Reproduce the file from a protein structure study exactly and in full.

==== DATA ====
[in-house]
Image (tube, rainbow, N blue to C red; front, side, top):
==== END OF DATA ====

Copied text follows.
[in-house]
Image (tube, rainbow, N blue to C red; front, side, top):